18. IPCC. Climate Change 2014: Synthesis Report. Contribution of Working Groups I, II and III to the Fifth Assessment Report of the Intergovernmental Panel on Climate Change; Cambridge University Press: Cambridge, UK; New York, NY, USA, 2014. [Google Scholar]
  19. IPCC. Global Warming of 1.5 °C; Cambridge University Press: Cambridge, UK; New York, NY, USA, 2018. [Google Scholar]
  20. UNFCCC. National Inventory Submissions; UNFCCC: Geneva, Switzerland, 2019. [Google Scholar]
  21. Taylor, K.E.; Stouffer, R.J.; Meehl, G.A. An Overview of CMIP5 and the Experiment Design. Bull. Am. Meteorol. Soc. 2011, 93, 485–498. [Google Scholar] [CrossRef]
  22. Wang, F.; Tokarska, K.B.; Zhang, J.; Ge, Q.; Hao, Z.; Zhang, X.; Wu, M. Climate Warming in Response to Emission Reductions Consistent with the Paris Agreement. Adv. Meteorol. 2018, 2018, 1–9. [Google Scholar] [CrossRef]
  23. Wang, F.; Ge, Q.; Chen, D.; Luterbacher, J.; Tokarska, K.B.; Hao, Z. Global and regional climate responses to national-committed emission reductions under the Paris agreement. Geografiska Annaler Ser. A Phys. Geogr. 2018, 100, 240–253. [Google Scholar] [CrossRef]
  24. Jia, W. A gridded daily observation dataset over China region and comparison with the other datasets. Chin. J. Geophys. 2013, 56, 1102–1111. [Google Scholar]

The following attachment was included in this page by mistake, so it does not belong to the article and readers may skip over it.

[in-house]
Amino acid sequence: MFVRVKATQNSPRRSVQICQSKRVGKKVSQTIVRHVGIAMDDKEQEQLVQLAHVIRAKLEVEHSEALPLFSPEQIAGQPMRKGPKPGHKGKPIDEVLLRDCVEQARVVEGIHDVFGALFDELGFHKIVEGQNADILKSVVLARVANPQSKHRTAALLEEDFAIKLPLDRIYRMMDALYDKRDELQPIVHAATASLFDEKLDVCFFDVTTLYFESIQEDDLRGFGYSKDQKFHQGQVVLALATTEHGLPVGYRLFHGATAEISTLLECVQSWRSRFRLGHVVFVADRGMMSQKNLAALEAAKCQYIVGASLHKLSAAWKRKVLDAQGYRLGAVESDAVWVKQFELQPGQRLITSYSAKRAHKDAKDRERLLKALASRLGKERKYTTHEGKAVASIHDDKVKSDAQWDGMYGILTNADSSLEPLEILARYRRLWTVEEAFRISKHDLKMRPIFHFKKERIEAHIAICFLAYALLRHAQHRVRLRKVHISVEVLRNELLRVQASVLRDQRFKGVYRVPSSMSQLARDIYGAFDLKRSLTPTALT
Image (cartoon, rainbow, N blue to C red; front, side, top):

25. Gao, X.-J.; Wang, M.-L.; Filippo, G. Climate Change over China in the 21st Century as Simulated by BCC_CSM1.1-RegCM4.0. Atmos. Ocean. Sci. Lett. 2013, 6, 381–386. [Google Scholar]
  26. Ji, Z.; Kang, S. Evaluation of extreme climate events using a regional climate model for China. Int. J. Climatol. 2015, 35, 888–902. [Google Scholar] [CrossRef]
  27. Robert, V.; Andreas, G.; Stefan, S.; Erik, K.; Annemiek, S.; Paul, W.; Thomas, M.; Oskar, L.; Grigory, N.; Claas, T.; et al. The European climate under a 2 °C global warming. Environ. Res. Lett. 2014, 9, 034006. [Google Scholar]
  28. Huang, J.; Yu, H.; Dai, A.; Wei, Y.; Kang, L. Drylands face potential threat under 2 °C global warming target. Nat. Clim. Chang. 2017, 7, 417. [Google Scholar] [CrossRef]
  29. Zhang, X.; Alexander, L.; Hegerl, G.C.; Jones, P.; Tank, A.K.; Peterson, T.C.; Trewin, B.; Zwiers, F.W. Indices for monitoring changes in extremes based on daily temperature and precipitation data. Wiley Interdiscip. Rev. Clim. Chang. 2011, 2, 851–870. [Google Scholar] [CrossRef]